Safeguarding supply

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Adam Barber
March 28, 2011
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Safeguarding supply

When looking at the wider renewable energy industry, scarcity isn’t really a word that is often used. After all, the thing about renewables is that they’re indefinitely plentiful, right?

Well, yes, but what about the supply chain?

At EWEA last week, US turbine manufacturer Northern Power Systems announced that it had installed and commissioned a new 2.3MW permanent magnet drive wind turbine, which as proponents familiar with the technology will testify, negates the need for a gearbox.

The upsides to not having a gearbox are manifest: the risk of internal fire is reduced, and as a consequence, operators are able to eliminate downtime, maintenance, and ultimately, costs.

The technology, however, has to rely on rare earth magnets – of which, according to a recent report from the Parliamentary Office of Science and Technology, 97% of the global supply is produced by China. At present Chinese industry is forecast to eclipse its own supply by as soon as 2012, and, given the Chinese proclivity for producing its own version of Western technologies – Goldwind also produces a direct drive turbine – one wonders how the traditional manufacturers in the market place will be able to manage the future complexities of the rare earth supply chain.

When looking at the wider renewable energy industry, scarcity isn’t really a word that is often used. After all, the thing about renewables is that they’re indefinitely plentiful, right?

Well, yes, but what about the supply chain?

At EWEA last week, US turbine manufacturer Northern Power Systems announced that it had installed and commissioned a new 2.3MW permanent magnet drive wind turbine, which as proponents familiar with the technology will testify, negates the need for a gearbox.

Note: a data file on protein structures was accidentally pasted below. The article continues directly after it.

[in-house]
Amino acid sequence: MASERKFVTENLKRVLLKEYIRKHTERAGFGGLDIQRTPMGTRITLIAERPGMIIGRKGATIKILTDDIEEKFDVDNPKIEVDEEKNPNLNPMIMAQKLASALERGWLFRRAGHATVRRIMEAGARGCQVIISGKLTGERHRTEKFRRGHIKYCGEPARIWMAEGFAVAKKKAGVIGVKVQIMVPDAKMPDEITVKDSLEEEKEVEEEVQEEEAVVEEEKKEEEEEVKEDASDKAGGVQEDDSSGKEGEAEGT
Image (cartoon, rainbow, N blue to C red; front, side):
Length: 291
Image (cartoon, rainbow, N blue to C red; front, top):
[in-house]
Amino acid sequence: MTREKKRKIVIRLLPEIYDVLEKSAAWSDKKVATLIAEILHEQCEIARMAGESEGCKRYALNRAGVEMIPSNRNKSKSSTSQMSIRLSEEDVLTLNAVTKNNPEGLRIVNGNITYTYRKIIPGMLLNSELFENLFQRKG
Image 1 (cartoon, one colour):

The upsides to not having a gearbox are manifest: the risk of internal fire is reduced, and as a consequence, operators are able to eliminate downtime, maintenance, and ultimately, costs.

The technology, however, has to rely on rare earth magnets – of which, according to a recent report from the Parliamentary Office of Science and Technology, 97% of the global supply is produced by China. At present Chinese industry is forecast to eclipse its own supply by as soon as 2012, and, given the Chinese proclivity for producing its own version of Western technologies – Goldwind also produces a direct drive turbine – one wonders how the traditional manufacturers in the market place will be able to manage the future complexities of the rare earth supply chain.

When looking at the wider renewable energy industry, scarcity isn’t really a word that is often used. After all, the thing about renewables is that they’re indefinitely plentiful, right?

Well, yes, but what about the supply chain?

At EWEA last week, US turbine manufacturer Northern Power Systems announced that it had installed and commissioned a new 2.3MW permanent magnet drive wind turbine, which as proponents familiar with the technology will testify, negates the need for a gearbox.